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What to know about the Supreme Court’s pending decision on school choice and religious liberty in Carson v. Makin


The Supreme Court is expected to deliver a ruling in Carson v. Makin this month. This decision could affect the ability of religious schools to participate in funding programs.

What are the details of the case?

Maine has a program that allows students to use funds to attend the school of their choice. This is because with only 200,000 students, not all regions have secondary schools. Students in towns too small to have a school are able to use public funds to attend a private school. David and Amy Carson wanted to send their child to Bangor Christian School “because the school’s Christian worldview aligns with their sincerely held religious beliefs.” Joining them are Troy and Angela Nelson, who want to send their child to Temple Academy.

Maine, however, does not allow funding to be used at “sectarian schools,” saying that a public education “should be a nonsectarian one that exposes children to diverse viewpoints, promotes tolerance and acceptance, teaches academic subjects in a religiously neutral manner, and does not promote a particular faith or belief system.”

The state opposes funding religious schools because “a public education is both defined by inclusion and tolerance, and reflective of the diversity of our students and our community,” citing that Bangor Christian and Temple Academy do not hire LGBT teachers or admit LGBT students.

The parents argue that the law discriminates against religious schools.

What are the relevant cases?

Trinity Lutheran v. Comer and Espinoza v. Department of Revenue.

In Trinity Lutheran, the Court decided that denying the church a benefit available to the public due to its religious status violated the Free Exercise Clause of the First Amendment. In Espinoza, the Court ruled that states cannot exclude families from using public funding programs because of a school’s religious status.

What did the previous opinion hold?

The U.S. Court of Appeals for the First Circuit sided with the state, claiming a distinction between the religious status noted in Espinoza and religious use. It argued that the law “does not bar schools from receiving funding simply based on their religious identity,” but instead because of “what the school teaches through its curriculum and related activities.”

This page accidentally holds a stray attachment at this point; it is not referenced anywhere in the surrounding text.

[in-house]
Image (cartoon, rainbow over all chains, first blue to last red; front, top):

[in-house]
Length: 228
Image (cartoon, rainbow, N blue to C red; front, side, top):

What do the plaintiffs argue?

The plaintiffs claim that the law requires officials “to make judgment calls based on the degree of a religious school’s religiosity.” They noted that the framers of the Constitution protected the free exercise of religion, rather than “mere belief or conscience, to ensure that Americans would be free to live out their faith.”

How is the Court likely to rule?

Based on the oral arguments, it seems that the Court’s liberal justices will side with Maine, but the Court’s conservative justices took issue with the law, seeing it as blatantly discriminatory. Justice Clarence Thomas said that the focus of an education should be academics, not avoiding the promotion of sectarian views. He also bristled at the idea that this program is a subsidy or benefit because students are required to go to school and these areas do not have public schools.

Justice Alito warned against treating some religious schools differently from others.

Justice Gorsuch also bucked the idea of favoring some religions over others.

Chief Justice John Roberts offered what could be a window into the decision with his questioning. Roberts said, “You’re discriminating among religions based on their beliefs,” adding, “And we have said that is the most basic violation of the First Amendment religion clauses — for the government to draw distinctions between religions based on their doctrine.”

Justice Brett Kavanaugh criticized the discrimination of all religious schools saying, “Discriminating against all religions versus secular is itself a kind of discrimination that the Court has said is odious to the Constitution.”

What is the likely outcome of this case?

While it is tough to predict, the oral arguments and precedent seem to indicate that the plaintiffs will prevail in this case, which would make it a win for both school choice and for religious liberty.

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